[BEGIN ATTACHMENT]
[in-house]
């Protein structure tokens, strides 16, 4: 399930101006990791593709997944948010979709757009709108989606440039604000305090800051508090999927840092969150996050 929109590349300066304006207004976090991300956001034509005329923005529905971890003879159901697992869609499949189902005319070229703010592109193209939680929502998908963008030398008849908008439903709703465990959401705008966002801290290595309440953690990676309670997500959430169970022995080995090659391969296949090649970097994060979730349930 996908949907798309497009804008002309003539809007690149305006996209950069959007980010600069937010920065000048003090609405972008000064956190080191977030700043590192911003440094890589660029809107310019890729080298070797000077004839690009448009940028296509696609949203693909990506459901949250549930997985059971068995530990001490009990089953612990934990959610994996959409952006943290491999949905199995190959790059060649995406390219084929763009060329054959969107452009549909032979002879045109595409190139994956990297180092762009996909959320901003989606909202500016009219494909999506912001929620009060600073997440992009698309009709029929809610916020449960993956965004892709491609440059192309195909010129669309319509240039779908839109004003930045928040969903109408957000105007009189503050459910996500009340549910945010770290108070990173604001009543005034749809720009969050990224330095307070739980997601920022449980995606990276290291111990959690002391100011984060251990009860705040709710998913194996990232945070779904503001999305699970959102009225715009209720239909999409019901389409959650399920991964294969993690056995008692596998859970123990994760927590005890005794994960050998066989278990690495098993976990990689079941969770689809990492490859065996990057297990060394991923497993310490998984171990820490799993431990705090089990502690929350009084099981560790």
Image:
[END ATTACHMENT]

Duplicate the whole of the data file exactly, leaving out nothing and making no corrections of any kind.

[in-house]
């Protein structure tokens, strides 16, 4: 399930101006990791593709997944948010979709757009709108989606440039604000305090800051508090999927840092969150996050 929109590349300066304006207004976090991300956001034509005329923005529905971890003879159901697992869609499949189902005319070229703010592109193209939680929502998908963008030398008849908008439903709703465990959401705008966002801290290595309440953690990676309670997500959430169970022995080995090659391969296949090649970097994060979730349930 996908949907798309497009804008002309003539809007690149305006996209950069959007980010600069937010920065000048003090609405972008000064956190080191977030700043590192911003440094890589660029809107310019890729080298070797000077004839690009448009940028296509696609949203693909990506459901949250549930997985059971068995530990001490009990089953612990934990959610994996959409952006943290491999949905199995190959790059060649995406390219084929763009060329054959969107452009549909032979002879045109595409190139994956990297180092762009996909959320901003989606909202500016009219494909999506912001929620009060600073997440992009698309009709029929809610916020449960993956965004892709491609440059192309195909010129669309319509240039779908839109004003930045928040969903109408957000105007009189503050459910996500009340549910945010770290108070990173604001009543005034749809720009969050990224330095307070739980997601920022449980995606990276290291111990959690002391100011984060251990009860705040709710998913194996990232945070779904503001999305699970959102009225715009209720239909999409019901389409959650399920991964294969993690056995008692596998859970123990994760927590005890005794994960050998066989278990690495098993976990990689079941969770689809990492490859065996990057297990060394991923497993310490998984171990820490799993431990705090089990502690929350009084099981560790």
Image: